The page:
Hamas Political Chief: PM Target for Assassination

Abdel Aziz Rantisi named new Hamas chief; Security sources: IDF to step up targeted attacks, go after entire Hamas leadership.

The head of the radical Islamic Hamas movement's political bureau, said Wednesday that Prime minister Ariel Sharon had become a target for assassination.

"Sharon has become a target for Palestinian resistance men and the al-Qassam Brigades (Hamas' armed wing) in retaliation for the assassination of Sheikh Ahmed Yassin," Khaled Mashaal, based in Syria, told a Hamas Website.

Hamas has repeatedly threatened to target high-ranking Israeli officials such as Defense Minister Shaul Mofaz since the assassination early Monday of its spiritual leader and founder.

On Tuesday, Hamas distributed playing cards with the names of Israeli officials who would be targeted, similar to the card decks of officials in the regime of captured Iraqi dictator Saddam Hussein issued by the United States.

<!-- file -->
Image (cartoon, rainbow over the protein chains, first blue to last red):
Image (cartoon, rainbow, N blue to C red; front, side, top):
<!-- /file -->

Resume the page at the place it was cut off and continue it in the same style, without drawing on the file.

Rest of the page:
Contrary to previous reports, Mashaal said Hamas had no intention of carrying out retaliatory attacks against international targets, but would focus on attacks against Israel.

Rantisi to head Hamas Abdel Aziz Rantisi on Tuesday became the new "general commander" of Hamas replacing slain Ahmed Yassin, who was assassinated by Israel on Monday.

Defense chiefs decided during a five-hour meeting Monday to step up targeted attacks. Officials decided to go after the entire leadership without waiting for another attack by Hamas, according to security sources.